UN Investigator: Atrocities in DRC Fall Short of Genocide

The allegations in the DRC are horrendous: mass rapes, mutilations and beheadings.

If proven, such atrocities could constitute war crimes and crimes against humanity, said Bacre Waly Ndiaye, the leader of a United Nations team investigating violence in the Democratic Republic of the Congo's Kasai province.

Two years of fighting there between the army and two opposing militias have left up to 5,000 people dead, displaced 1.4 million and sent 30,000 fleeing to neighboring Angola.

But Ndiaye emphasized to VOA that such horrific acts still fall short of genocide, which must include a proven intent to wipe out an entire ethnic, national, racial or religious group.

Ndiaye's point follows remarks by the U.N.'s special rapporteur on torture worldwide, Nils Melzer, who recently suggested that conditions in the central African country were fast approaching those that led to genocide more than 20 years ago in Rwanda and the Balkans.

"My greatest concern is that what we are witnessing today may be only the prelude of what is still to come," Melzer told the news service last month.

Ndiaye and others working with the U.N. Human Rights Council have collected graphic and unsettling evidence testimony from survivors and witness to the violence. Their eight-month investigation found all armed groups guilty of mass atrocities.

But Ndiaye and other observers say there is not enough evidence to link individual acts of violence or even massacres to the focused intent to eliminate an entire ethnic group.

Seeking solutions

The international community is looking for ways to end the conflict.

The U.N. high commissioner for human rights, Zeid Ra'ad Al Hussein, in a July statement about the country's "deteriorating situation," urged "much stronger efforts to hold the perpetrators of violations responsible. The perpetrators of conflict-related sexual violence must also be held to account even, and perhaps especially, when they are agents of the State."

Ndiaye agrees, saying an end to the violence requires an end to impunity.

The team's findings "are in the hands of the high commissioner, so it's possible to prosecute," he said. "But there will never be enough courts or resources to prosecute thousands of perpetrators."

Longtime President Joseph Kabila's administration wants international support to improve the civilian court system widely seen as understaffed and dysfunctional but meanwhile is using military courts to try the accused.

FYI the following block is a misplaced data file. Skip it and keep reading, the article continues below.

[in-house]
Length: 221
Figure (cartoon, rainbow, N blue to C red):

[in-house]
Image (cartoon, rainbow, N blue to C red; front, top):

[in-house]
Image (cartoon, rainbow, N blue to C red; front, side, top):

Target prominent perpetrators

Ndiaye said it's impossible to try everyone accused of atrocities. Instead, he said the international community and the government should establish a policy that "would target individuals whose trial [would] be emblematic enough to have impact on deep-rooted impunity" and "include those who played a leadership role, be it within the militias or the security forces."

Human rights activists say the government has been slow to bring perpetrators to justice in Kasai, an opposition stronghold. Kabila has denied the accusation.

"I demand justice be done that no one involved in this tragedy be spared from accountability," Kabila said in announcing a judicial inquiry in April 2017.

Alan Ngari, a senior researcher with the Transnational Threats and International Crime Division at the Institute for Security Studies in Pretoria, South Africa, questioned whether politics might be behind the Congo government's response.

"It almost feels," he said, "like [the government is saying] let part of the country fester. As long as [authorities] can continue to get popular support from other regions, that is fine and we will continue on with the elections later this year."

Elections, delayed since late 2016, are scheduled for December 23.

Peace talks encouraged

Besides taking legal action, Ngari said the government must begin talking with opponents in Kasai. It also must take responsibility for mishandling local issues involving customary leaders and introduce ways to resolve disputes without the use of deadly force.

He urged a reconciliation process that looks at the root causes of the violence, disarms militias and reintegrates child soldiers. He also recommends compensation and support to victims of rape, the internally displaced and those who have fled to neighboring countries. Investigations must continue into abuses by all armed forces, including the military.

The U.N. is naming two experts to study the details and conclusions of Ndiaye's team, which assessed the situation in DRC. They will offer proposals on specific actions that the government, U.N. agencies and donors can take to end the violence in Kasai.

Conflict's evolution

The conflict involves the army and two opposing militias: the Kamuina Nsapu, whose members come largely from the Luba ethnic group, and the Bana Mura, composed of Chokwe, Pende and Tetela fighters.

Tensions started two years ago, when the Congolese government overruled the Bajila Kasanga administrative unit over traditional authority in several villages in Kasai-Central province.

Kabila's administration opposed naming a popular Luba, Jean-Prince Pandi, as the customary chief. Pandi was suspected of links to the country's political opposition.

Pandi was killed by security forces in August 2016, and violence erupted. His militia, the Kamuina Nsapu, rapidly expanded its rebellion against the government and its supporters.

The government's supporters in turn formed the Bana Mura and other militias to crack down on the uprising, which spread to Kasai's other provinces.

Source: Voice of America

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